Despite concerns over recent cuts to its capital expenditure budget, Wells Fargo Securities said in a note this weekend that Sprint's small cell deployment may be in better shape than many think.

According to Wells Fargo, more than 40 percent of Sprint's network traffic is already flowing over its 2.5 GHz spectrum and the carrier has managed to operate without any “meaningful congestion” in recent months.

Additionally, Wells Fargo's Jennifer Fritzsche said Sprint executives indicated during a recent visit the carrier's small cell roll out is moving more quickly than anticipated.

The carrier recently dropped its capital expenditures forecast for 2016 to just $3 billion, down from $4.08 billion in 2015 and well below analyst expectations of $4.5 billion. Many analysts, including BTIG's Walter Piecyk, expressed skepticism that Sprint was really in as good of shape as it claimed on network improvements. Piecyk called the $3 billion figure a "red flag."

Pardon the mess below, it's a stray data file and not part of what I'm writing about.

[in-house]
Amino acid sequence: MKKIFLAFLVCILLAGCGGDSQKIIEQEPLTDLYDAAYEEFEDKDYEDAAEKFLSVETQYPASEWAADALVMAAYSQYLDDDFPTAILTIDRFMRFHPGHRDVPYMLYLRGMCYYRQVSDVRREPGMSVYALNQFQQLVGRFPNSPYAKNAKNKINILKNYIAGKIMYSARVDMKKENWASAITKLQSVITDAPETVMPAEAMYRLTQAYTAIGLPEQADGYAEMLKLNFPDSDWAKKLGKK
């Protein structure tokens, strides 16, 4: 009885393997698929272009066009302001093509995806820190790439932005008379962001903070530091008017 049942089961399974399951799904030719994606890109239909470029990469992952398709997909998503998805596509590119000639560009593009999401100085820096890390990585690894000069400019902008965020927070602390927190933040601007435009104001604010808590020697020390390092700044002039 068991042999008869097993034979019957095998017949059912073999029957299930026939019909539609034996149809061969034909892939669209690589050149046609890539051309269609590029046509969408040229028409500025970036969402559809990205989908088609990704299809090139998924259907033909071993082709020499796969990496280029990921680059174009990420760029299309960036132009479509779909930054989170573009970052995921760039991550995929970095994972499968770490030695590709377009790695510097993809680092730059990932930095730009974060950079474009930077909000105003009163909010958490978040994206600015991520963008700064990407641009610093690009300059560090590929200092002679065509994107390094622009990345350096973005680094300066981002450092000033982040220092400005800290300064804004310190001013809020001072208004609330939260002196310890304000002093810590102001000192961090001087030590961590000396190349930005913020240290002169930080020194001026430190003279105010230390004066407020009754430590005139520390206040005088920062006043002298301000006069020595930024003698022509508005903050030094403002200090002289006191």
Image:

Fritzsche said Sprint CEO Marcelo Claure attempted to allay those fears during the recent visit.

“Both Claure and the network team indicated, that, while in some markets it has to be more 'patient' overall, the permitting and approval stage for its small cell deployment has been ahead of expectations," Fritzsche wrote.

Fritzsche said the “most interesting” takeaway from the visit was disclosure that Sprint carries more “tonnage per subscriber” in terms of data than its carrier rivals but is only using less than a quarter of its 2.5GHz spectrum.

“Think about that,” she wrote. “Using less than 1/4 of its 2.5GHz spectrum, more tonnage/ sub than any carrier and no meaningful congestion."

Fritzsche also pointed to Sprint's use of Time Division Duplex (TDD) instead of Frequency Division Duplex (FDD) on its airwaves, which allows Sprint to tweak uplink and downlink lanes depending on demand, as an asset that will become more important as networks move toward 5G.

Sprint is the only U.S. carrier currently using TDD, she said.